Dunyazad said to her, “Allah upon thee, O my sister, an thou be other than sleepy, finish for us thy tale that we may cut short the watching of this our latter night!” She replied, “With love and good will! It hath reached me, O auspicious King, the director, the right-guiding, lord of the rede which is benefiting and of deeds fair-seeming and worthy celebrating;” and she began to recount

1 From the Wortley Montague MS. vol. iii. pp. 80-96. J. Scott: vol. vi. pp. 1-7. Histoire du Sulthan d’Yemen et de ses trots fils; Gauttier vol. vi. pp. 158-165.

2 The worst disease in human life, now recognised as “Annus Domini.”

3 Arab. “Mál wa Ghawál”: in Badawi parlance “Mál” would=flocks and herds (pecunia, pecus); and amongst the burghers=ready money, coin. Another favourite jingle of similar import is “Mál wa Nawál.”

There is an older form of the Sultan of Al Yaman and his three sons, to be found in M. Zotenberg’s “Chronique de Tabari,” vol. ii. pp. 357-61.

4 In the W. M. MS. the sisters are called “Shahrzádeh” (=City born) and “Dinárzádeh” (=ducat born) and the royal brothers Shahrbáz (=City player or City falcon) and Kahramán (vol. i. p. 1) alias Samarbán (ibid.). I shall retain the old spelling.

5 I have hitherto translated “wa adraka (masc.) Shahrázáda al-Sabáh,” as=And Shahrazad perceived the dawn of day; but it is more correct as well as more picturesque to render the phrase “was surprised (or overtaken) by the dawn.”

6 Arab. “‘Adrán,"=much and heavy rain.

7 For “Halwá” see vol. ii. pp. 47-212. Scott (vol. vi. 413) explains “Hámiz” as “a species of small grain,” probably confounding it with Hummus (or Himmis)=vetches. It is the pop. term for pickles, “sour meat” as opposed to “sweetmeats.” The Arabs divide the camel’s pasture into “Khullah” which means sweet food called bread and into “Hámiz” termed fruit: the latter is composed mainly of salsolaceae, and as camels feed upon it during the hot season it makes them drink. Hence in Al Hariri (Preface) “I change the pasture,” i.e., I pass from grave to gay, from light to dignified style. (Chenery, p. 274).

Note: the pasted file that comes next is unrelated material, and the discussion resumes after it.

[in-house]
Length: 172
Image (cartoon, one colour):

8 This is the modern version of the tale which the author of “Zadig” has made familiar to Europe. The hero is brought before the King and Queen of Babylon for stealing a horse and a dog; and, when held by the chief “Destour” (priest) to be a thief, justifies himself. I have given in full the older history from Tabari, the historian (vixit A.D. 839-923). For the tracker (“Paggí") and the art of tracking see Sind Revisited, i. 180-183. I must again express my wonder that the rural police of Europe still disdain the services of trained dogs when these are about to be introduced into the army.